In certain quarters, that art world desire for the eternally new seems, thank goodness, to be getting tired and old. In the contemporary Irish context, you can see the hunger for something other than faux innovation in the critical and popular reception of such artists as Mairead O’hEocha and Kevin Cosgrove.
Since his highly acclaimed degree show at Dublin’s National College of Art and Design in 2007, Cosgrove has been mining the same realistic seam in his detailed paintings of places of work. These are not offices or grand spaces but the often dirty, though usually highly ordered, workshops where physical labour happens.
Cosgrove is aware of the fluctuating trends around which his work is received, joking that he is ‘so old fashioned that he’s almost cool’. He’s similarly arch about the title of his current exhibition, ‘Remake’, which alludes both to his love of film and his continuing focus on concerns that on the surface, are all about the grit and reality of making, doing and repairing.
But there is something about these too-painterly-to-be-photorealistic images that allows them to transcend genre painting. First, there’s the complete lack of irony, but there are other strands and stories at play that add both intellectually and visually satisfying complexity to Cosgrove’s workshop scenes.
The centrepiece of the tightly curated exhibition, just seven works in all, is Remake (2014). Here, an old Austin A35 car is parked in a workshop, awaiting repair. The oil-on-linen work contains many of Cosgrove’s motifs: the ranks of tools on hooks, the chaos of compressors, sanders and other blue collar paraphernalia, all meticulously worked, and the total absence of people. It also foregrounds his homage to Diego Velázquez and, more particularly, to Johannes Vermeer, in the light that floods in from an open metal door to the right of the car.
Through this doorway, in a less layered, less worked section of the painting, is the outline of a wall and another door, yellow in the sunshine. Seen sideways, it is also a small piece of geometric abstraction, nudging up against Cosgrove’s cluttered realism. Two schools of art, side by side, the Modernism possibly fading: Is Cosgrove saying that, ultimately, the older tradition will triumph?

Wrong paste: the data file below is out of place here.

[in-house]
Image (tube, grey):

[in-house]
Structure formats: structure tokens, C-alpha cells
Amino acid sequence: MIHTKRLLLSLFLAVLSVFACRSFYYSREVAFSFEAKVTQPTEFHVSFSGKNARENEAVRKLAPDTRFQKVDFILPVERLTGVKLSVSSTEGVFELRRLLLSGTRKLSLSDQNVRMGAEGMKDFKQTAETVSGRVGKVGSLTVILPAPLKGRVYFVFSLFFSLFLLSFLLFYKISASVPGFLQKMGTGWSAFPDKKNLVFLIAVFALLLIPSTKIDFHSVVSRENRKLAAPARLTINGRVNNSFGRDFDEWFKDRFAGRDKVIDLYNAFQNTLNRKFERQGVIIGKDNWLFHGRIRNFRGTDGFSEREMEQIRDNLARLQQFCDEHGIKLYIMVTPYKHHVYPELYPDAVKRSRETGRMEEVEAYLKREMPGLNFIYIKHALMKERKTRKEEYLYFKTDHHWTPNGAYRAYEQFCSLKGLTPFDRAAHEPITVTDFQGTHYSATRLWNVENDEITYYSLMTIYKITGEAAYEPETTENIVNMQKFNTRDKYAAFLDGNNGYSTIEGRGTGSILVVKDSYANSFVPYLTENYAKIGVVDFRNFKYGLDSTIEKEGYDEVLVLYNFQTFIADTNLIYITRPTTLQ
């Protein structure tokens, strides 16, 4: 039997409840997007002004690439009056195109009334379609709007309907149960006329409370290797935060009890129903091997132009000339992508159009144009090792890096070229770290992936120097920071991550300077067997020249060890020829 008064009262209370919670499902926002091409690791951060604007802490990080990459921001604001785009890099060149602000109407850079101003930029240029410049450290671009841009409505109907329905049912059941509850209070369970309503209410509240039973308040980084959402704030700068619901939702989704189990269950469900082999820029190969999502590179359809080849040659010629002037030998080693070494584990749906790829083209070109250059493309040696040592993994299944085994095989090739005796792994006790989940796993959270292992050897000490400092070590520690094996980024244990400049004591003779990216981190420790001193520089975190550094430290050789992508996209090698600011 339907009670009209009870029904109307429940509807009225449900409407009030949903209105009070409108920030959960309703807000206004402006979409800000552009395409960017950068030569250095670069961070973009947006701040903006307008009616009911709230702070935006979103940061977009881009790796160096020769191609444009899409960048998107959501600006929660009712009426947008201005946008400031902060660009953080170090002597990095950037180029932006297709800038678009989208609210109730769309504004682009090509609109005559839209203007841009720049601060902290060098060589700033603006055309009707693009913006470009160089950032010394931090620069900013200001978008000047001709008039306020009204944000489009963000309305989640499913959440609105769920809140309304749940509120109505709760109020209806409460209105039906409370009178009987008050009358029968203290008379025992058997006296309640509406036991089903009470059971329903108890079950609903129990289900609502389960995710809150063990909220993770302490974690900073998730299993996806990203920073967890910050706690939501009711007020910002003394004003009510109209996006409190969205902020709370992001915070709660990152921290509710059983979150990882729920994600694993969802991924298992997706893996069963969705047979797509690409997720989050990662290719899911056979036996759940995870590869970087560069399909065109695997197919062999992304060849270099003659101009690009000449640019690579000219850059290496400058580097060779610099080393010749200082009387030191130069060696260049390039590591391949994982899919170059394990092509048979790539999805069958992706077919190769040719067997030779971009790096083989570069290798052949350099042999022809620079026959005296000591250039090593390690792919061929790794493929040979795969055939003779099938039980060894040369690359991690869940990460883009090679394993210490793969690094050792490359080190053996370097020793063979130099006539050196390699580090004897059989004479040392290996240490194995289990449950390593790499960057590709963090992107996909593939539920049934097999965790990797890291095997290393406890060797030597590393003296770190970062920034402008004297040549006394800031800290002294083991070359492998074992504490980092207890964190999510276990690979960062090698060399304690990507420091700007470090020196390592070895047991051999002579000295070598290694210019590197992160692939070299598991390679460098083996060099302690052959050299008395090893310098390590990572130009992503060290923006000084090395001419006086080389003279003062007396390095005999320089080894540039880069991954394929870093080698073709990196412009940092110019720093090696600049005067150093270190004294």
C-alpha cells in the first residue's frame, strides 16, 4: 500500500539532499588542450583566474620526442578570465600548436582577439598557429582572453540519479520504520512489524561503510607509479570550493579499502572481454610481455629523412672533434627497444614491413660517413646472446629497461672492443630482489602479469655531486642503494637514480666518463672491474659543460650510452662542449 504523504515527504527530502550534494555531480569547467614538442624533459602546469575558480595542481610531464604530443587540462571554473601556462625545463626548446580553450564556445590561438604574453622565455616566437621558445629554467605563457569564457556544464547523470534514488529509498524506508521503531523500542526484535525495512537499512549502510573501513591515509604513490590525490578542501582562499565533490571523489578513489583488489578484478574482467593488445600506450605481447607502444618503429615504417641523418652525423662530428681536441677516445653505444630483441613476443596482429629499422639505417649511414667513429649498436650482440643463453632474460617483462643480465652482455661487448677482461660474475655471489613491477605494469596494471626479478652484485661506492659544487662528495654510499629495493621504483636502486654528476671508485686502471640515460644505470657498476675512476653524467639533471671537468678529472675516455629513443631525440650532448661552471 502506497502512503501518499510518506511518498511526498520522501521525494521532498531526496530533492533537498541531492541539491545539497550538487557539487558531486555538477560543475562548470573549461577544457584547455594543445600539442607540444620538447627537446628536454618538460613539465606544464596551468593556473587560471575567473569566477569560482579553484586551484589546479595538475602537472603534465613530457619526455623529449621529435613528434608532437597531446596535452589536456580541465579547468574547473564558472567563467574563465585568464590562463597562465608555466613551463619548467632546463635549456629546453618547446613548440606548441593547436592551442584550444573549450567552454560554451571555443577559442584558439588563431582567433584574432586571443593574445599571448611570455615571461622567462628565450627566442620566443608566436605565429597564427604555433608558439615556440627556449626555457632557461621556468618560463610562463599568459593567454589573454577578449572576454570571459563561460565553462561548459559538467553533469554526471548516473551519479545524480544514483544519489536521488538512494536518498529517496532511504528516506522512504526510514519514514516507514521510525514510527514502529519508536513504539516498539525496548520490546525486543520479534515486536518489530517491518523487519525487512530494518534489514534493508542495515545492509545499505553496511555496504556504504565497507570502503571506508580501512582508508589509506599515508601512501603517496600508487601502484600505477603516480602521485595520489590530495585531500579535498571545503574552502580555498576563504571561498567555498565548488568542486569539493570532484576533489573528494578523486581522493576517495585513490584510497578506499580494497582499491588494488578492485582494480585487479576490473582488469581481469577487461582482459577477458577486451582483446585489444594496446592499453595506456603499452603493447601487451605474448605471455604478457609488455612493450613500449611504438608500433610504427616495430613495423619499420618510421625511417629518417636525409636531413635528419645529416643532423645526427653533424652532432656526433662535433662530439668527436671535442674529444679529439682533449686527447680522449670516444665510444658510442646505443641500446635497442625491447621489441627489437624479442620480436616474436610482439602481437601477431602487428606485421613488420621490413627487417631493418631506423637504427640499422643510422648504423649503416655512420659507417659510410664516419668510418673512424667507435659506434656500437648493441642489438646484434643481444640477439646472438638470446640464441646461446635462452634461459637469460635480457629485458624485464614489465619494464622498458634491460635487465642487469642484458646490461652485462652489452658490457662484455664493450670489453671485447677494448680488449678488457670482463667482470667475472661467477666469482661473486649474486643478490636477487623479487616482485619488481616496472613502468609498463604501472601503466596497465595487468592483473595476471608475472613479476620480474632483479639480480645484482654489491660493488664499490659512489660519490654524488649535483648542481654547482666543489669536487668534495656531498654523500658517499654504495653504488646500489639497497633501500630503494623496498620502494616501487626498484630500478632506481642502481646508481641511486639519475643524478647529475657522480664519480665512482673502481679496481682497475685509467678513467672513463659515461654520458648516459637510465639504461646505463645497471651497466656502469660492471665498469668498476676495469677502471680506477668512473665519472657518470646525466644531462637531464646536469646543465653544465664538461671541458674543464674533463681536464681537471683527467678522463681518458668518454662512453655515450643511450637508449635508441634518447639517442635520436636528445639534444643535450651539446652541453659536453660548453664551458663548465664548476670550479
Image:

Light spills into all save one of the works on show, Museum workshop with coats (2014) being more completely enclosed than its companion pieces. The gridded and barred windows in Radiator repair workshop (2014) and the heavy metal door a little ajar in Workshop with unlocked door (2014) offer a sense of a wider world, paradoxically intensifying the focus of Cosgrove’s little spheres of work. These paintings carry nostalgia for a world fading away. Does anyone really repair radiators any more? It seems particularly pertinent that Cosgrove’s work deals with redundancy, given the art world’s periodic dismissal of painting as irrelevant.
This is part of Cosgrove’s brilliance: he reaches back in subtle ways while also commenting on the here and now. Stone workshop (2014) echoes the Dutch Golden Age, its deft use of perspective drawing you in until you’re standing exactly where the craftsperson would have been standing. A frame above the hanging tools takes the gaze even further down the rabbit hole – to the extent that you feel you could really lose yourself.
Just as the Dutch painters of the 17th century proclaimed the morals and messages of a newly Protestant society and represented subjects from the emerging mercantile classes, Cosgrove’s suite of works celebrate the presence and power of craft and labour. In this way, they act as a counterpoint to the glibness of so much contemporary consumerism, and, in the process, produce a powerful thesis for the enduring value of painting itself.